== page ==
Facial Recognition Software Finally Gets Around To Getting An Innocent Person Arrested
from the great-job-everyone dept
Well, it’s happened. The thing people have been warning about for years. A person lost some of their freedom due to a facial recognition mismatch. It may have only been 30 hours, but it should have been zero. And it might have been zero hours if investigators had bothered to read the disclaimers attached to its facial recognition search results.
According to the New York Times report, this is the first time a false positive has led to someone being arrested. Or, at least, the first time the public’s been made aware of it. A few years ago, the FBI and a local law enforcement agency used “facial analysis” performed by humans to arrest the wrong man twice for two separate robberies. This time, it was software. And it took 30 hours away from an innocent person.
On a Thursday afternoon in January, Robert Julian-Borchak Williams was in his office at an automotive supply company when he got a call from the Detroit Police Department telling him to come to the station to be arrested. He thought at first that it was a prank.
An hour later, when he pulled into his driveway in a quiet subdivision in Farmington Hills, Mich., a police car pulled up behind, blocking him in. Two officers got out and handcuffed Mr. Williams on his front lawn, in front of his wife and two young daughters, who were distraught. The police wouldn’t say why he was being arrested, only showing him a piece of paper with his photo and the words “felony warrant” and “larceny.”
His wife, Melissa, asked where he was being taken. “Google it,” she recalls an officer replying.
Googling it would not have helped. Williams was taken away by cops and held for 30 hours, accused of shoplifting watches from an upscale store nearly two years earlier. All the police had to work with were a blurry, lo-res screengrab from the store’s CCTV camera and facial recognition software provided by DataWorks Plus. DataWorks tests AI algorithms created by contractors by running searches using low-quality images. DataWorks does not provide any measurements of these algorithms’ accuracy, however. It apparently packages up its collection of algorithms and sells access to government agencies.
Five months after the crime was committed, Michigan State Police digital image examiner Jennifer Coulson uploaded the image captured by the store’s camera. But investigators apparently ignored the big, bold warning attached to the top of the search results.
After Ms. Coulson, of the state police, ran her search of the probe image, the system would have provided a row of results generated by NEC and a row from Rank One, along with confidence scores. Mr. Williams’s driver’s license photo was among the matches. Ms. Coulson sent it to the Detroit police as an “Investigative Lead Report.”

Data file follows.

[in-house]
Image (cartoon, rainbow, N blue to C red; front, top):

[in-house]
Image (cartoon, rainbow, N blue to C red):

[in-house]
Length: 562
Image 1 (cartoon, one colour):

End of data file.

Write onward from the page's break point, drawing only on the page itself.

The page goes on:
“This document is not a positive identification,” the file says in bold capital letters at the top. “It is an investigative lead only and is not probable cause for arrest.”
The State Police still maintain investigators did nothing wrong. They didn’t only rely on the facial recognition search results. They also showed Williams’ drivers license photo to the loss prevention person at the store (as part of a “six-pack” of facial photos) and she supposedly identified him.
The contractors that supplied the AI system to the State Police seem skeptical of everything that happened here — even their own software’s participation in the arrest of Williams.
[Brendan] Klare, of Rank One, found fault with [the loss prevention person’s] role in the process. “I am not sure if this qualifies them as an eyewitness, or gives their experience any more weight than other persons who may have viewed that same video after the fact,” he said. John Wise, a spokesman for NEC, said: “A match using facial recognition alone is not a means for positive identification.”
One of the officers who questioned Williams said — after viewing the surveillance video again with Williams in the room — that he “guessed the computer got it wrong.” Even so, Williams was held for another several hours before being released on $1,000 bond. According to his first-person account of this incident, the first 18 hours of his detainment were spent in an overcrowded holding cell without any interaction with investigators or the officers who arrested him.
Two weeks later, prosecutors dropped the charges, but left themselves the option to refile the charges in the future. And the prosecutor’s office appears to think that’s a possibility. The spokesperson says there’s another witness investigators are interviewing and cops might try to run Williams in again for a crime he didn’t commit.
And Williams has an alibi. He posted a video to his Instagram account during his commute home from work. This occurred during the time the store was being robbed. But investigators never bothered to check. And this investigation — which appears to have stemmed almost solely from a “match” generated by a lo-res CCTV screengrab — resulted in an innocent man having his life severely disrupted.